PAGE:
BRUSSELS (Reuters) – European Union lawmakers are likely to confirm Germany’s Ursula von der Leyen as president of the bloc’s executive Commission in a secret ballot next Tuesday, but there is a risk she could fall short of the absolute majority she needs.
Many members of the European Parliament are angry that EU leaders, horse-trading over top posts at a bruising summit last week, brushed aside the so-called “Spitzenkandidaten”, the main parliamentary groups’ candidates for the job.
Defense - Minister - Scrapes - Majority - Start
If the 60-year-old conservative German defense minister scrapes through with a slim majority she could face a shaky start to her five-year term, especially if she has to rely on the far right and nationalists from eastern Europe to get her across the line.
Worse, if it emerges that British members of the European Parliament swung the vote for von der Leyen, there may be questions about her legitimacy after the United Kingdom leaves the EU on Oct. 31, the current deadline for Brexit.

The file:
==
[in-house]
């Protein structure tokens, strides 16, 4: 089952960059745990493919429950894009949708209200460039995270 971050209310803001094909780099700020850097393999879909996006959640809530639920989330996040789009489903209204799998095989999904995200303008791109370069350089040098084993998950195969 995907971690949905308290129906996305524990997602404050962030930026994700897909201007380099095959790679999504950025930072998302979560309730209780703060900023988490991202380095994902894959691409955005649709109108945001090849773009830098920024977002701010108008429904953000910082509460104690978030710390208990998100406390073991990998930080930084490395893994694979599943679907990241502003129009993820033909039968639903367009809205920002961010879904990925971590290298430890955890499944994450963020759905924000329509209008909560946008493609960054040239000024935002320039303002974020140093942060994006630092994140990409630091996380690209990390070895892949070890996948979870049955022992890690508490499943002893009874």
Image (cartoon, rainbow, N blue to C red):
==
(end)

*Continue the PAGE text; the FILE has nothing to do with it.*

Von - Der - Leyen - Woman - Commission
Von der Leyen would be the first woman to lead the powerful European Commission, which oversees trade negotiations, antitrust rulings and broad policy for 500 million Europeans.
If lawmakers reject von der Leyen, who was nominated by EU leaders on July 2 in what some branded a backroom deal, it would be another reputational blow for the bloc, rocked in the last decade by the euro zone debt crisis, Britain’s decision to leave and the rise of far-right and far-left eurosceptic parties.
Von - Der - Leyen - Parliament - Strasbourg
Von der Leyen will address the 751-member European Parliament in Strasbourg on Tuesday, and then lawmakers will hold a debate and proceed to vote for or against her in a secret ballot at 6 p.m. (1600 GMT).
She needs the backing of an absolute majority, which would normally be 376. The assembly is currently four members short, however, which means she may need 374...
Wake Up To Breaking News!